Wednesday, February 21, 2001

The Cyber Scene in Denver ~ by Suzanne Lainson

On February 21 it was the Forum for Women Entrepreneurs, this time held in Boulder at the Spice of Life Event Center. Everyone was already sitting at tables when I got there, so I plopped my stuff down next to some familiar faces: Lauri Harrison, president, and Donna Crafton, VP, of LH3. I didn't get much networking in, but among the women I spotted were Kathy Simon, director of the University of Colorado's Deming Center for Entrepreneurship, Donna Auguste, president/CEO of Freshwater Software, Catharine Merigold, general partner with Vista Ventures, and Karyn German, VP of product development at WideForce Systems.
We had a light dinner of soup, salad, and dessert, and then listened to Barbara Mowry, former CEO of Requisite Technology. Among her comments:

*Cash is king. Get money when you don't need it. Going public is not a business plan.

*Check out your VCs. Do they have industry knowledge? Will they be there for you? If you pull together money from several different VCs, keep in mind that they may have different agendas and may not be able to work together on your board.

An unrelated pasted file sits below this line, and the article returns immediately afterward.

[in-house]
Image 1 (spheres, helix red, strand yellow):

*VCs never pay attention to the numbers. They don't believe them. They love transaction models (i.e., where businesses can collect on every transaction). If possible, get customers to pay up-front (which becomes much easier if you have high caliber VCs backing you).

* When pitching to corporate partners, tell them what you can do for them, not what they can do for you. Use a live demo rather than a PowerPoint presentation.

*Keep your employees, but on the other hand, every year get rid of the bottom 10%, the non-performers. If you don't, morale will suffer.

On February 23 I went to the first annual Telecom Professional of the Year award ceremony, organized by the Denver Telecom Professionals. The event was held at the Brown Palace, one of Denver's most famous landmarks. (For Titanic fans, the hotel is not named after the unsinkable Molly Brown, although she frequently stayed there.) When we arrived, we were greeted by a jazz combo and a generous bar. I spotted Sheila O'Neill, VP of The Weber Group, handling some PR duties for the event. Deborah Kenly, director of PR and client relations for the Meritage Private Equity Fund, came over to say hi and mentioned that she had just gotten married. I also ran into Benjamin Gochman, COO of LATGO (Latin America Trade and Technology Group).